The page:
A Wronged Father’s Immodest Proposal for Restraining Order Reform

Posted on June 23, 2015


The author of this guest commentary is a Virginia man whose wife obtained “three temporary restraining orders against [him], and finally got a permanent restraining order imposed against [him] in Colorado in January 2015, based on a claim of domestic abuse, stalking, sexual assault, and physical assault,” a claim made seven months after she had moved out and that the man denies. (She had previously made identical claims against a different partner.) Between February and June 2015, his wife gave birth to a child she had told him she had miscarried, was institutionalized for suicidal depression and alleged auditory hallucinations (voices urging her “to hurt or kill the Child”), and took her own life. Though man and wife (whose domestic relationship had “lasted 75 days total”) had divorced in April 2015, the man only learned he had a daughter after his ex-wife’s death. His daughter is in the custody of her maternal grandparents, and he has been charged with failing “to provide a safe and stable environment for the Child [whom he hadn’t known existed] and [placing] the Child’s welfare at risk.” This man’s story is briefly sketched here, and will be chronicled in detail in a future post or posts.

It would be best to abolish restraining orders all together. But if we’re going to keep them, here are a few ideas for procedural reforms:

  1. Raise the standard for imposing a permanent restraining order from preponderance of the evidence to clear and convincing evidence or, better yet, proof beyond a reasonable doubt. Since important rights are taken away by restraining orders, including the constitutional right to possess a gun, the defendant should get the same kind of due process s/he would get in a criminal trial.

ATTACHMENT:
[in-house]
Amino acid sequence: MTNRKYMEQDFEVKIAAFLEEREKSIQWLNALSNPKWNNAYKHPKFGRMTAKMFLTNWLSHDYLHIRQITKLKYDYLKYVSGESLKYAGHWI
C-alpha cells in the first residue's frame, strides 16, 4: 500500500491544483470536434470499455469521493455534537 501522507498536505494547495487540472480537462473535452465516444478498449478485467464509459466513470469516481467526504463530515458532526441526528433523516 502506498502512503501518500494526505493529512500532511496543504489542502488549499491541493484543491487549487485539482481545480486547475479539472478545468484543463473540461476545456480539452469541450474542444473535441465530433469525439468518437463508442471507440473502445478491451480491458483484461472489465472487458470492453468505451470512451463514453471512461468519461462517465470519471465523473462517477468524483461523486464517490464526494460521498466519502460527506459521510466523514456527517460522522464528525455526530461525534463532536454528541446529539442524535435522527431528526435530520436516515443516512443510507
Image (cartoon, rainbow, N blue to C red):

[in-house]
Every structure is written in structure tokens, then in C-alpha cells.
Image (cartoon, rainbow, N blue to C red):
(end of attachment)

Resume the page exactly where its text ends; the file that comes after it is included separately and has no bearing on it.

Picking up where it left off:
2. At the hearing, apply the same rules of evidence that are used in trials. For example, hearsay should be inadmissible, since it’s not as reliable as the testimony of a person who can be cross-examined.
  3. Give defendants the right to have their cases heard by a jury. Jurors wouldn’t be subject to the same political pressures that influence judges, that make them want to err on the side of granting restraining orders.
  4. Give indigent defendants the right to a court-appointed lawyer. Otherwise, they don’t really stand much of a chance of winning. At the very least, out-of-state defendants should have an opportunity to attend court hearings by teleconference, rather than having to travel thousands of miles for a hearing that could be continued at the last minute anyway.
  5. Allow out-of-state defendants to participate in the hearing by videoconference. This will reduce the cost of participating.
  6. Require that temporary restraining order petitions be approved by a prosecutor before they go to the judge. A prosecutor is part of the executive branch, and therefore can be more easily held accountable to the public than a judicial officer or his staff. This also gives prosecutors more of an incentive to prosecute a lying plaintiff, because a fraud perpetrated on the court is also a fraud perpetrated on them.
  7. Eliminate the court’s power to kick defendants out of their homes pending the hearing. A plaintiff who feels unsafe living with the defendant should instead go to a shelter for a week or two.
  8. Make all restraining orders expire after a period of time, e.g., two years. Some states already do this.
  9. Give defendants an ex parte process for overturning temporary restraining orders, if they have evidence that shows that a restraining order isn’t needed. This way, it wouldn’t be necessary to wait till the hearing before getting justice.
  10. Get rid of the federal requirement that each state recognize the restraining orders of all other states. Allow states to, if they wish, recognize only the restraining orders of states that they deem to have appropriate procedural safeguards against abuse.

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*More on constitutional due process rights denied restraining order defendants is here.